U.S. Steel Corp. is looking for a buyer—but according to the United Steelworkers, they’ve already found one. Other companies are taking notice.
Esmark Corp. announced yesterday that it would not compete with Cleveland-Cliffs for the purchase of U.S. Steel, in recognition of USW’s strong support for the other company. The union has vowed to block any U.S. Steel sale not made to the Cleveland-based steelmaker.
On August 15, Esmark signaled its intention to make a formal offer for U.S. Steel, but on August 23, CEO Jim Bouchard said the company would respect the wishes of the USW and withdraw from bidding. In a statement, Bouchard cited Esmark’s historical partnership with the USW.
“The USW was our partner in the successful acquisition of Wheeling Pittsburgh Steel, and we remain close with them,” Bouchard said in a statement. “The U.S. Steel board must go through their process that they previously announced. We wish them the best during this process, and we will evaluate any opportunities in connection with that process, subject to support from the USW.”
Esmark’s withdrawal from bidding means U.S. Steel’s opportunities for buyers are shrinking. Brazilian steelmaker CSN also announced August 23 it would not make a bid for U.S. Steel: In remarks, CSN CEO Benjamin Steinbruch said the company is “too big of an asset” as CSN looks to “reduce our leverage.”
A few days after Cleveland-Cliffs offered to pay $7.8 billion to buy U.S. Steel Corp.—and several days before either company went public with news of that offer—Thomas Conway, international president of the USW, authored an open letter saying the USW would support Cleveland-Cliffs’ bid alone even though it has, per its contract with U.S. Steel, the right to make a counter offer on any plan that would change U.S. Steel’s ownership.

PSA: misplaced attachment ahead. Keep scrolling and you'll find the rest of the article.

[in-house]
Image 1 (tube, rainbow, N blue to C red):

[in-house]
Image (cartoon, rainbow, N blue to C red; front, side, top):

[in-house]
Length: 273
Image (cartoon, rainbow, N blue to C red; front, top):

“The USW has a very strong relationship with Cliffs and will not exercise this right of a counter offer,” Conway wrote. “The USW will not endorse anyone other than Cliffs for such a transaction.”
The union’s ringing endorsement, Conway added, stems from the union’s experience with Cleveland-Cliffs after it bought AK Steel and ArcelorMittal USA in 2020. Following those deals, he wrote, Cleveland-Cliffs “rather significantly” increased its union workforce, which now tops 14,000. The two sides last year worked together on new contracts that run through August 2026 and Cleveland-Cliffs executives have been clear about how they view the union’s role.
“Maintaining strong, positive relationships with labor unions is key to our long-term growth,” they wrote in their most recent annual report. “We engage with our unions as business partners, and together we have achieved a number of successes that benefit our business and our people alike.”
Cliffs’s treatment of the union appears to have paid off for its ambition to purchase U.S. Steel. Two days after reiterating their commitment to only clear purchase plans from Cleveland-Cliffs, the Conway wrote to Cleveland-Cliffs to transfer the USW’s right to bid in exchange for Cliffs’ agreement to honor the terms of previous USW-U.S. Steel agreements. Lourenco Goncalvez, CEO of Cleveland-Cliffs, signed the letter and posted a copy to the company’s website.
Cleveland-Cliffs has since claimed that U.S. Steel now must “promptly” inform both the USW and Cleveland-Cliffs if U.S. Steel receives a proposal from any third party.
For its own part, U.S. Steel maintains that the USW’s Right to Bid is not a silver bullet to kill any deal. In a regulatory filing, the company said its board still has the right to reject union-made counter offers if the board deems the original offer superior, according to Reuters. But the pressure from the USW and Cliffs along with Esmark’s departure may make such offers scarce.